If you've missed any of our trip so far – here are links:
As I mentioned in yesterday's blog post – I expected Sunday to be a low-key day – simply a day between village visits. I didn't anticipate visiting a vibrant church, and I didn't expect I'd be preaching at that church. The day was full. Here are photos to summarize part 2:
The church started a Christian school. And we hope to go visit the school tomorrow morning. What I love about the school is that half of the students are from Muslim families. The administration is very open with the parents that they will be teaching the children the Bible. I am SO excited about this school!! And they pay tuition when they actually have a free "public" schoool in Goz Beida (unlike any of the villages – where people can't read or write)! That is awesome that Muslims are willing to send their children to a Christian school!
This is one of the classrooms. Dirt floor. No desks. No teacher's desk. More benches will be brought in after church is over. There are about 60 children in each classroom.
This is the housing that is all over eastern Chad. The only housing that is substantially different in Goz Beida would be housing that NGOs use for directors or guests and some employees. But most employees of the NGOs live just like those who were in Goz Beida before the Darfur crisis. And because these Christians coming from southern Chad live just like those who grew up in Goz Beida, I have great hope and excitement for the church here! In fact, with 450 people at church – there were only four cars in the "parking lot" (which is just anywhere in the sand outside the building)! I love that! If you really want to reach a group of people – you better live among them and live like them! OK, I will get off my mission-hobby horse. 🙂
Believe it or not – this is a donkey parking lot. Seriously. If you see the policeman in blue in the middle of the donkeys – he collects payment to "park" your donkey here. Sunday is market day in Goz Beida, and people come from all over to the market.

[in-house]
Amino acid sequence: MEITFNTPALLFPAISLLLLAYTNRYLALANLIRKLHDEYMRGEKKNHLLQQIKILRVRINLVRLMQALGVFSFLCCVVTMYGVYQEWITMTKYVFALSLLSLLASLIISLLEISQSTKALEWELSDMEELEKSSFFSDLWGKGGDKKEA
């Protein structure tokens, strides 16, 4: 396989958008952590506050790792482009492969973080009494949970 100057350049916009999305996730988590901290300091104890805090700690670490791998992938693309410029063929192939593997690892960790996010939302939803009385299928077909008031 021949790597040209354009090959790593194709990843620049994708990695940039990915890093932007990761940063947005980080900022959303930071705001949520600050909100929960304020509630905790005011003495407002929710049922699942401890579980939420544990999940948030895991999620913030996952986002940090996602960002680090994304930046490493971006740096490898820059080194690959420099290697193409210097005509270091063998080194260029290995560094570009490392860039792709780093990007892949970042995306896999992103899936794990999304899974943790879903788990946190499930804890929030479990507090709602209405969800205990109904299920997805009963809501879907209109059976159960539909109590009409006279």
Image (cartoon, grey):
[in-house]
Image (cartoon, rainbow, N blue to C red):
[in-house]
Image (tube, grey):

This is NOT a tourist market. Tourists don't get to this part of the world. This is where people come from all over to buy food, clothes, tools… anything and everything.
Sewing clothing. There is no electricy in Goz Beida. If you have electricity – it is only because you have a generator. A few businesses may have them, but it is primarily the UN and NGOs that have generators.
In the middle of the circle is a Muslim Imam (teacher) – teaching in the middle of the market on the side of a road.
There is a smaller area for camels. The camel parking lot isn't as large.
Watermelons are grown well in Chad. And they are delicious. So good!
More of the camel parking lot.
Hanging out with Mark, Athanase, Michael (photo below), Nate, and Emmanuel was a huge highlight. And as if it isn't hot enough – we put three of us in the backseat every time. And if you are thinking the vehicles have air conditioning… you'd be wrong.
This is Michael. He grew up in southern Chad. He is a believer who went to Penn State for college but always wanted to come back to Chad to serve the needy. So he came back to Chad and moved to eastern Chad to work with World Concern. He is a great brother and has a huge heart for the needy Muslims in the villages of eastern Chad. He drove us around and walked us around the market today. He is the on-field program director of the "One Village Transformed" projects that connect one village with one church.